How to Develop Coping Resilience and Mental Toughness

Jan. 15, 2021

These days it’s easy to find yourself feeling tense or anxious. If social distancing and the threat of a global pandemic aren’t enough, just add a dose of political mayhem or a strained relationship and you’ve got a recipe for stress. What I’ve learned from performance psychologist Simon Marshall is that your brain and nervous system manage everything about you, including your ability to cope and overcome the difficulties of life.

In this podcast, Simon and I are discussing some cutting edge ways to master your nervous system and manage stressful moments. Simon shares some evidence-based techniques that involve breathing, vocalization, and eye movement, to manage stress and help you avoid limbic system overwhelm. And as powerful as these practices are, I know they are just a few of the tools Simon has in his performance coaching arsenal.

If you enjoy this podcast, I hope you’ll consider joining us in the upcoming Coping Resilience and Mental Toughness Workshop, with Simon and world champion triathlete Lesley Paterson. The workshop content is approximately five hours of prerecorded video and is largely self-paced, along with four 30-minute live group coaching sessions with Simon and Les to answer questions and help you navigate real-world situations.

Here’s the outline of this interview with Simon Marshall:

[00:01:49] Strava 2020 Year in Sport report.

[00:03:23] Benefits of outdoor exercise.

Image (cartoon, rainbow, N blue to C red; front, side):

[00:03:42] Neuroscience research: 1. Yilmaz, Melis, and Andrew D. Huberman. "Fear: It’s All in Your Line of Sight." Current Biology 29.23 (2019): R1232-R1234; 2. González, Anabel, Lucía del Río-Casanova, and Ania Justo-Alonso. "Integrating neurobiology of emotion regulation and trauma therapy: Reflections on EMDR therapy." Reviews in the Neurosciences 28.4 (2017): 431-440.

[00:04:34] Self-generated optic flow.

[00:04:41] Neuroscientist Andrew Huberman; The Huberman Lab at Stanford.

[00:09:40] Physiologic sigh; Studies: 1. Li, Peng, et al. "The peptidergic control circuit for sighing." Nature 530.7590 (2016): 293-297; 2. Yackle, Kevin, et al. "Breathing control center neurons that promote arousal in mice." Science 355.6332 (2017): 1411-1415; 3. Salay, Lindsey D., Nao Ishiko, and Andrew D. Huberman. "A midline thalamic circuit determines reactions to visual threat." Nature 557.7704 (2018): 183-189.

[00:14:56] Podcast: The Neurophysiology of Safety and How to Feel Safe, with Stephen Porges.

[00:22:50] Chimp Purge; Study: Lieberman, Matthew D., et al. "Putting feelings into words." Psychological science 18.5 (2007): 421-428.

[00:28:41] Podcast: How to Have Intimacy With Ease, with Jessa Zimmerman.

[00:28:51] Podcast: NBT People: Mark Alexander.

[00:30:34] Podcast: A Guide to Flawed Studies with Richard Feinman.

[00:36:33] Stress management; Podcast: How to Manage Stress, with Simon Marshall, PhD.

[00:38:23] Values guided action exercise; Russ Harris.

[00:38:37] Habit formation, habit stacking.

[00:41:49] Dopamine + noradrenaline =  motivated action.

[00:43:59] Leveraging physiology during unpleasant activities.

[00:44:27] Book: Radical Candor (Be a Kick-Ass Boss Without Losing Your Humanity, by Kim Scott.

[00:44:50] Getting and giving feedback.

[00:46:41] Motivational interviewing; helping people change their behavior.

[00:48:26] Book: Never Split the Difference: Negotiating as if Your Life Depended on It, by Chris Voss.

[00:49:24] Book: Thank You for Arguing, Fourth Edition (Revised and Updated): What Aristotle, Lincoln, and Homer Simpson Can Teach Us About the Art of Persuasion, by Jay Heinrichs.

[00:49:50] Book: The Coddling of the American Mind: How Good Intentions and Bad Ideas Are Setting Up a Generation for Failure, by Jonathan Haidt.

[00:53:15] Sign up for the Coping Resilience and Mental Toughness Workshop.

[00:53:40] The Xterra Podcast.

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